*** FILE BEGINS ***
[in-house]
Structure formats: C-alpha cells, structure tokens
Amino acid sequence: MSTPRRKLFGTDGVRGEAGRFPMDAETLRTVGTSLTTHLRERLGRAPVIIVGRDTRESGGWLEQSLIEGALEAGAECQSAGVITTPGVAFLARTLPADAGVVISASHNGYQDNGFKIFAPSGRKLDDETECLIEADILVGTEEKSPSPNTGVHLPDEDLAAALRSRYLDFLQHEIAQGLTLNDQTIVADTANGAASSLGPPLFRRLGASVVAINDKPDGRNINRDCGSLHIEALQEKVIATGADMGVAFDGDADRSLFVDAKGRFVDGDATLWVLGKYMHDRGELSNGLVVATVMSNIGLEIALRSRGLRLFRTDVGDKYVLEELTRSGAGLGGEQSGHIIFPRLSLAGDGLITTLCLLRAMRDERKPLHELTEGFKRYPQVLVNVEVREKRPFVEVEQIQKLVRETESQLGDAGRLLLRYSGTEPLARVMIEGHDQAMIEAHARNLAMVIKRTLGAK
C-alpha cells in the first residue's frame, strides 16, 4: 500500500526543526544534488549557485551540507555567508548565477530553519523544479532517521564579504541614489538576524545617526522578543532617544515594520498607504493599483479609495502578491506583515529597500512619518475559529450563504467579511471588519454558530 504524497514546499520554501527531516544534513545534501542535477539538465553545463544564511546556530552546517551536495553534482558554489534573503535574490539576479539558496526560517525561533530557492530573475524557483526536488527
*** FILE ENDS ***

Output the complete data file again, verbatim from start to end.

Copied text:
[in-house]
Structure formats: C-alpha cells, structure tokens
Amino acid sequence: MSTPRRKLFGTDGVRGEAGRFPMDAETLRTVGTSLTTHLRERLGRAPVIIVGRDTRESGGWLEQSLIEGALEAGAECQSAGVITTPGVAFLARTLPADAGVVISASHNGYQDNGFKIFAPSGRKLDDETECLIEADILVGTEEKSPSPNTGVHLPDEDLAAALRSRYLDFLQHEIAQGLTLNDQTIVADTANGAASSLGPPLFRRLGASVVAINDKPDGRNINRDCGSLHIEALQEKVIATGADMGVAFDGDADRSLFVDAKGRFVDGDATLWVLGKYMHDRGELSNGLVVATVMSNIGLEIALRSRGLRLFRTDVGDKYVLEELTRSGAGLGGEQSGHIIFPRLSLAGDGLITTLCLLRAMRDERKPLHELTEGFKRYPQVLVNVEVREKRPFVEVEQIQKLVRETESQLGDAGRLLLRYSGTEPLARVMIEGHDQAMIEAHARNLAMVIKRTLGAK
C-alpha cells in the first residue's frame, strides 16, 4: 500500500526543526544534488549557485551540507555567508548565477530553519523544479532517521564579504541614489538576524545617526522578543532617544515594520498607504493599483479609495502578491506583515529597500512619518475559529450563504467579511471588519454558530 504524497514546499520554501527531516544534513545534501542535477539538465553545463544564511546556530552546517551536495553534482558554489534573503535574490539576479539558496526560517525561533530557492530573475524557483526536488527